Who Will Benefit if We "End the Fed"?
Ron Paul and The Federal Reserve
Ron Paul, who is running for president, feels strongly that the United States needs to end the Federal Reserve and make headway to a return of the gold standard. The reasons Ron Paul feels strongly about ending the Federal Reserve are many, but the main ones I want to point out here are that the Federal Reserve is very inflationary with it's policies, has no congressional oversight, and independently sets interest rates. Since the inception of the Federal Reserve in 1913 and on through 2011, the dollar has lost 98% of it's value. This eats into the savings and investments of every American. As mentioned above, the Federal Reserve also has no oversight by the United States Government. It is never audited, nor do we know who all the Federal Reserve loans money to, or why. And finally, it has control of the setting of interest rates. Ron Paul has studied what is called Austrian Economics, which explain that boom times and the following recessions are in part the effect of credit and monetary expansion. They call it the business cycle. Naturally, there are many who criticize this stance, including Kyle Victor who writes for the Huffington Post.
The Criticisms and my Counterarguments
Victor Kyle has his criticisms about a gold standard, but they are not only his. Economists of the Keynesian school of thought express the same concerns. Here Victor Kyle pontificates:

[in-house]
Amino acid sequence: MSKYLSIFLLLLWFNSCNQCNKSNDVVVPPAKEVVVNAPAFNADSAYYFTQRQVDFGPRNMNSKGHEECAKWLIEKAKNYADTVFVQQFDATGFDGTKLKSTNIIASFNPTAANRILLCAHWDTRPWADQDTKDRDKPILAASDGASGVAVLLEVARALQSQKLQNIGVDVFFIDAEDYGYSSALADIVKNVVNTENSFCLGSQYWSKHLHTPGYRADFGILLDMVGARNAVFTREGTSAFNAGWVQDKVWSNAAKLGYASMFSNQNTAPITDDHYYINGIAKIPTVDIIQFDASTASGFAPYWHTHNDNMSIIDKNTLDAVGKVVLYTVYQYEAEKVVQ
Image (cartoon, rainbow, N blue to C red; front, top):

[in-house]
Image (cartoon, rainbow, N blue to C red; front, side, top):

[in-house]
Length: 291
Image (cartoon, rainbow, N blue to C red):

The fact is, tightening monetary policy doesn't make the dollar 'stronger' at all: it just increases the dollar's value against foreign currencies. Nice as this may sound for those on holiday abroad, such an outcome would actually hurt the vast majority of Americans. Why? A more expensive dollar would harm America's export-oriented manufacturing sector: when the value of the dollar increases, so too does the cost of American exports, since their value is denominated in dollars. A more expensive dollar therefore damages the ability of American exporters to compete with foreign manufacturers, and the end result is more outsourcing of factories, fewer jobs for middle class Americans, and a slower economic recovery.